Exp Clin Endocrinol Diabetes 2001; 109(7): 355-360
DOI: 10.1055/s-2001-17406

© Johann Ambrosius Barth

Insulin secretion and anti-GAD65 antibodies in subjects with impaired glucose tolerance

T. Tankova, L. Dakovska, G. Kirilov, D. Koev
  • Clinical Center of Endocrinology, Medical University, Sofia, Bulgaria
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Publication History

Publication Date:
25 September 2001 (online)


The study was designed to evaluate the pattern of insulin secretion and the presence of anti-GAD65 antibodies as beta-cell autoimmune marker in subjects with impaired glucose tolerance (IGT) and their impact on the further development of glucose intolerance. 29 subjects with IGT, of mean BMI 24.7 ± 2.4 kg/m2 and mean age 37.7 ± 7.0 years were enrolled in the study. They were followed-up once yearly for three years. A group of 59 age- and weight-matched subjects with normal glucose tolerance (NGT) served as a control group. 42 newly-diagnosed diabetic patients, of mean BMI 24.4 ± 2.7 kg/m2 and mean age 37.2 ± 6.9 years were also studied. According to their response during IVGTT the subjects with IGT were divided into two groups. The first group (n = 11)(IGT-I) showed reduced FPIS (34.0 ± 8.9 mU/l vs 114.4 ± 41.2, p < 0.001), SPIS being within normal values, and reduced AUC for total insulin secretion (1554.1 ± 496.3 vs 2323.6 ± 804.5 mU/l × 60 min, p < 0.001); the difference with type 1 diabetic patients being significant (p < 0.001), the pattern of insulin secretion being quite similar to that of type 2 diabetic patients. The other group (n = 18) (IGT-II) demonstrated normal insulin secretion (FPIS, SPIS, AUC for insulin secretion), not differing from that of the controls with NGT. Anti-GAD65 were present in 3.3% of subjects with NGT, in 73.7% of patients with type 1 diabetes and in none of type 2 diabetic patients. 18% from the group with IGT-I were anti-GAD65 positive, and 22% - from IGT-II. 5 of the subjects with IGT-I developed diabetes during the follow-up period - 2 at the 1st year, 1 at the 2nd year and 2 - at the third year. One of these patients was anti-GAD65 positive (having the highest anti-GAD65 level amongst the others with IGT - 15.2 U/ml), showing pattern of insulin secretion similar to that of type 1 diabetic patients. 3 of the subjects with IGT-II reverted to NGT within the first year and 2 - at the second year, none of them being anti-GAD65 positive. The anti-GAD65 positive patients from this group remained with IGT, and none progressed to diabetes mellitus. We consider that IVGTT allows precise assessment of the phases of insulin secretion and in combination with the study of anti-GAD65 antibodies helps to identify the subjects with IGT at risk of developing diabetes mellitus. As far as the decrease in the FPIS is considered it could be proposed that such subjects are assigned to certain protective measures - diet, physical activity and some drugs affecting postprandial glucose levels.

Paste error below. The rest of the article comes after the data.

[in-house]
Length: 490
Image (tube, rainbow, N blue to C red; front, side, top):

Tsvetalina TankovaMD, PhD 

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